Canada gov't seeks carbon neutrality by 2050

Latest News

Canada gov't seeks carbon neutrality by 2050

Thursday, November 19, 2020

Print this page Email A Friend!


OTTAWA,Canada(AFP)— The Government of Canadian Prime Minister Justin Trudeau on Thursday submitted draft legislation that it said would allow the country to be carbon neutral by 2050, but his opponents dismissed the initiative as "smoke and mirrors."

"Net-zero emissions by 2050. It's ambitious -- but it's possible, it's necessary, and it's exactly what we're going to do," Trudeau said on Twitter.

"Greenhouse gas emissions must be reduced if we want to reach this target," he added separately to reporters.

But he admitted that nothing in the draft would prevent future governments from winding back his proposals.

In the end, "it will be up to Canadians to choose governments that are serious about the fight against climate change," said Trudeau, who has made the environment a priority since taking office.

The draft legislation however does not set specific goals for the reduction of greenhouse gas emissions for 2030. Canada, a major oil producer, is among the top global emitters.

"We are going to exceed our targets," Trudeau said, without offering more details.

When it ratified the Paris climate agreement, Canada committed to reducing carbon emissions by 30 percent by 2030, as compared with 2005 levels.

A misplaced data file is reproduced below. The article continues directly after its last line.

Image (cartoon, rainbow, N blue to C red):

The draft aims to force the government to fix carbon emissions reduction targets every five years from 2030, and to report back to parliament after each five-year period.

But the measure contains no specifics, and successive Canadian governments have failed to reach the emissions reduction goals they have set.

The most recent data from the administration in Ottawa showed that emissions increased two per cent from 2017 to 2018.

Green Party leader Annamie Paul quickly shot down the draft.

"After five years in power, and a record of unfulfilled emissions reductions commitments, the government has given us more smoke and mirrors," she said.

"There are no targets, and no specific actions designed to put Canada on a pathway to net zero. In short, there is no plan."


Now you can read the Jamaica Observer ePaper anytime, anywhere. The Jamaica Observer ePaper is available to you at home or at work, and is the same edition as the printed copy available at http://bit.ly/epaper-login


ADVERTISEMENT




POST A COMMENT

HOUSE RULES

1. We welcome reader comments on the top stories of the day. Some comments may be republished on the website or in the newspaper � email addresses will not be published.

2. Please understand that comments are moderated and it is not always possible to publish all that have been submitted. We will, however, try to publish comments that are representative of all received.

3. We ask that comments are civil and free of libellous or hateful material. Also please stick to the topic under discussion.

4. Please do not write in block capitals since this makes your comment hard to read.

5. Please don't use the comments to advertise. However, our advertising department can be more than accommodating if emailed: advertising@jamaicaobserver.com.

6. If readers wish to report offensive comments, suggest a correction or share a story then please email: community@jamaicaobserver.com.

7. Lastly, read our Terms and Conditions and Privacy Policy



comments powered by Disqus
ADVERTISEMENT

Poll

ADVERTISEMENT
ADVERTISEMENT

Today's Cartoon

Click image to view full size editorial cartoon
ADVERTISEMENT